The only Islamist group to fully endorse football is Hezbollah, the Lebanese Shi‘a Islamic movement. Considered the most powerful armed nonstate group in the world, it has been designated as a terrorist organization by several countries, including the EU and the US.[33] Yet, Hezbollah also has another face. The spiritual guide of Hezbollah, Muhammad Fadlallah, saw the organization as not only a tool of resistance but of social change, geared towards building institutions and helping people. In the suburbs of Beirut, once referred to as the Shi‘a “misery-belt,”[34] Hezbollah built hospitals, orphanages, schools, construction companies, and charities for the poor.[35] Moreover, entrepreneurs supporting Hezbollah assisted in building the best training facilities in Lebanon for their football club, Al Ahed. Hezbollah used football to recruit and shape Lebanese youth in the Shi‘a community, establishing 150 football schools all over Lebanon, with more than 10,000 participants. Muhammad Yassin, leader of Hezbollah’s Sports Unit, noted that the schools aimed “to create a new sports culture,” adding that “Young men involved in sports have a high physical fitness that qualifies them to further develop their military capabilities.”[36]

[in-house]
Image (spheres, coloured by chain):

In 2019, Al Ahed won the Asian Cup for club teams, the biggest success in the history of Lebanese football. As supporters from al-Dahiya, a Shi‘a suburb of Beirut, celebrated the team on their return to Lebanon, they waved banners bearing the image of the Hezbollah leader, Hassan Nasrallah, as well as the legendary Al Ahed player, Qassam Shamkha, who was also an armed Hezbollah fighter killed in Syria in a 2016 military operation. Since Shamkha’s death, before the first match of the season, Al Ahed players go to his grave to commemorate him.[37] Martyrdom and football have thus been blended into one. For Hezbollah, football is a cultural field that is shaped according to its own symbols and meaning.